Do Not Force. Do Allow.
Kriya Yoga is a practice that incorporates Tapas (discipline), Svadhyaya (self study) and Isvarapranidhana (dedication). Our lineage at Lake Tahoe Yoga is Rajahatha. Each class incorporates movement, self study and mindfulness in an effort to induce Kirya or cleansing.
Every posture clears away impurities and toxins in the form of sweat. While moving, you are guided to focus upon various aspects of the postures as well as your own body's experience. The more consistently you show up for the practice, the more you will feel the effects of Asana (poses).
During your next Yoga class notice in which postures you can feel the heat resulting from movement or stability within the pose. Become aware of the moment when your body begins to express that which you do not need.
Balance Effort & Release
Kriya is one of the most difficult aspects of Yoga because it requires that we release our grasp and detach from expectation. Our habit is to hold, grasp, clench and grip. More difficult is relaxation; to let go and to allow change to occur. Svadhyaya is the practice of observing, witnessing and then identifying the places in which we grasp or hold. Once we become aware of what we are doing, when, we can begin to release and detach.
The next time you are practicing Yoga Asana try shifting your focus and become a witness to your movements. Observe in each posture the places where you are gripping or clenching. For most of us, this happens in our jaws, hands and shoulders.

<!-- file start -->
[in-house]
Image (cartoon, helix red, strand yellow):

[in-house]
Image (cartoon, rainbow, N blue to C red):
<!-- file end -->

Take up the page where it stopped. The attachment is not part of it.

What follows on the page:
It's Not About You
Back bending is often referred to as Heart Opening in the Yoga world. We tend to find fear, frustration and agitation as we bend in reverse. Our bodies are tight and unwilling to open. We are fearful of what might present itself as we open our hearts. We are so used to hiding, stuffing away and repressing things that are hurtful or cause us sadness that when we are confronted with releasing these things we become tense as we are outside of our comfort zone.
Physically, as we work through the practice of cleansing (Kriya) you may notice that your posture changes, your attitude toward yourself and others may shift and you may find yourself more willing to receive and let go.
During your next practice establish Sankalpa (intention) bring to mind someone, somewhere or something that could use the benefits that the practice brings. Dedicate your practice to whatever it is you bring to mind. Let go of your desire to keep that which you create.